|US7447498||7 Mar 2006||4 Nov 2008||Lear Corporation||User-assisted programmable appliance control|
|US7489922||6 Mar 2006||10 Feb 2009||Lear Corporation||User-assisted programmable appliance control|
|US7553211||11 Feb 1997||30 Jun 2009||Deangelis Peter C||System and method for controlling the operation of toys|
|US7589613||3 Apr 2006||15 Sep 2009||Lear Corporation||Trinary to trinary rolling code generation method and system|
|US7760071||18 Sep 2006||20 Jul 2010||Lear Corporation||Appliance remote control having separated user control and transmitter modules remotely located from and directly connected to one another|
|US7812739||3 May 2006||12 Oct 2010||Lear Corporation||Programmable appliance remote control|
|US7855633||22 Aug 2006||21 Dec 2010||Lear Corporation||Remote control automatic appliance activation|
|US8194856||22 Jul 2008||5 Jun 2012||The Chamberlain Group, Inc.||Rolling code security system|
|US8233625||22 Jul 2008||31 Jul 2012||The Chamberlain Group, Inc.||Rolling code security system|
|US8284021||22 Jul 2008||9 Oct 2012||The Chamberlain Group, Inc.||Rolling code security system|
|US8325008||25 Apr 2001||4 Dec 2012||The Chamberlain Group, Inc.||Simplified method and apparatus for programming a universal transmitter|
|US8538801||27 Feb 2002||17 Sep 2013||Exxonmobile Research & Engineering Company||System and method for processing financial transactions|
|US8610547||30 Nov 2012||17 Dec 2013||The Chamberlain Group, Inc.||Simplified method and apparatus for programming a universal transmitter|
|US8633797||26 Sep 2012||21 Jan 2014||The Chamberlain Group, Inc.||Rolling code security system|
|US9197011||13 Jan 2015||24 Nov 2015||Keyssa, Inc.||Connectors providing haptic feedback|
|US9203597||4 Mar 2013||1 Dec 2015||Keyssa, Inc.||Systems and methods for duplex communication|
|US9322904||15 Jun 2012||26 Apr 2016||Keyssa, Inc.||Proximity sensing using EHF signals|
|US9374154||13 Sep 2013||21 Jun 2016||Keyssa, Inc.||Wireless connections with virtual hysteresis|
|US9379450||9 Nov 2015||28 Jun 2016||Keyssa, Inc.||Integrated circuit with electromagnetic communication|
|US9407311||22 Oct 2012||2 Aug 2016||Keyssa, Inc.||Contactless signal splicing using an extremely high frequency (EHF) communication link|
|US9426660||19 Dec 2013||23 Aug 2016||Keyssa, Inc.||EHF secure communication device|
|US9444146||22 Mar 2012||13 Sep 2016||Keyssa, Inc.||Integrated circuit with electromagnetic communication|
|US9444523||13 Oct 2015||13 Sep 2016||Keyssa, Inc.||Proximity sensing using EHF signals|
|US9515365||9 Aug 2013||6 Dec 2016||Keyssa, Inc.||Dielectric coupling systems for EHF communications|
|US9515707||2 May 2016||6 Dec 2016||Keyssa, Inc.||Wireless connections with virtual hysteresis|
|US9515859||18 Aug 2014||6 Dec 2016||Keyssa, Inc.||Delta modulated low-power EHF communication link|
|US9531425||17 Dec 2013||27 Dec 2016||Keyssa, Inc.||Modular electronics|
|US9553616||17 Mar 2014||24 Jan 2017||Keyssa, Inc.||Extremely high frequency communication chip|
|US9647715||7 Jul 2016||9 May 2017||Keyssa, Inc.||Contactless signal splicing using an extremely high frequency (EHF) communication link|
|US9722667||12 Sep 2016||1 Aug 2017||Keyssa, Inc.||Proximity sensing using EHF signals|
|US20020077077 *||1 Feb 2001||20 Jun 2002||Babak Rezvani||Method and system for communicating with a wireless device|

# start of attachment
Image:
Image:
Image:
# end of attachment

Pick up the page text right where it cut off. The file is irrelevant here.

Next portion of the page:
|US20030060287 *||13 Jul 2002||27 Mar 2003||Takashi Nishiyama||Game machine and game system|
|US20040064221 *||1 Oct 2002||1 Apr 2004||Deprez Mary K.||Drive-by-wireless vehicle control|
|US20040085185 *||24 Oct 2003||6 May 2004||Overhead Door Corporation||Remote controlled garage door opening system|
|US20050024185 *||30 Jul 2003||3 Feb 2005||Lear Corporation||Remote control automatic appliance activation|
|US20050024230 *||30 Jul 2003||3 Feb 2005||Lear Corporation||Programmable vehicle-based appliance remote control|
|US20050030152 *||9 Jun 2004||10 Feb 2005||Jeffrey Cooper||Process for duplicating remote control command codes|
|US20050164678 *||10 Sep 2004||28 Jul 2005||Xanboo, Inc.||Method and system for communicating with a wireless device|
|US20060148456 *||6 Mar 2006||6 Jul 2006||Lear Corporation||User-assisted programmable appliance control|
|US20070190993 *||7 Mar 2006||16 Aug 2007||Lear Corporation||User-assisted programmable appliance control|
|US20080297370 *||22 Jul 2008||4 Dec 2008||The Chamberlain Group, Inc.||Rolling code security system|
|EP0734123A2 *||21 Mar 1996||25 Sep 1996||Texas Instruments Inc.||A pulse width modulation|
|EP0734123A3 *||21 Mar 1996||21 Jul 1999||Texas Instruments Inc.||A pulse width modulation|
|EP0816599A2 *||15 May 1997||7 Jan 1998||REITTER & SCHEFENACKER GmbH & Co. KG||Device for remote control of a garage door|
|EP0816599A3 *||15 May 1997||6 Sep 2000||REITTER & SCHEFENACKER GmbH & Co. KG||Device for remote control of a garage door|
|WO1996037063A1 *||16 May 1996||21 Nov 1996||The Chamberlain Group, Inc.||Rolling code security system|
|WO1998026393A1 *||20 Oct 1997||18 Jun 1998||United Technologies Automotive, Inc.||Self-diagnosing remote entry apparatus|
|WO1999021307A1 *||7 Jul 1998||29 Apr 1999||Motorola Inc.||Low complexity dynamic persistence mode for random access in a wireless communication system|
|WO2014149107A1 *||19 Dec 2013||25 Sep 2014||Waveconnex, Inc.||Ehf secure communication device|
|U.S. Classification||455/352, 340/539.1, 455/152.1, 455/333, 342/198, 342/195, 455/151.2, 341/176, 327/564, 455/252.1, 340/12.29|
|International Classification||G07C9/00, H04B1/20|
|Cooperative Classification||G07C9/00817, G07C2009/00769, H04B1/202, G07C2009/00825, G07C9/00309|
|15 Aug 1994||AS||Assignment|
Owner name: TEXAS INSTRUMENTS INCORPORATED 13510 N. CENTRAL
Free format text: ASSIGNMENT OF ASSIGNORS INTEREST;ASSIGNORS:SOENEN, ERIC G.;DAVIS, GREGORY B.;ADKINS, THOMAS;AND OTHERS;REEL/FRAME:007191/0169;SIGNING DATES FROM 19940701 TO 19940809
|12 Apr 1999||FPAY||Fee payment|
Year of fee payment: 4
|31 Mar 2003||FPAY||Fee payment|
Year of fee payment: 8
|24 Apr 2007||FPAY||Fee payment|
Year of fee payment: 12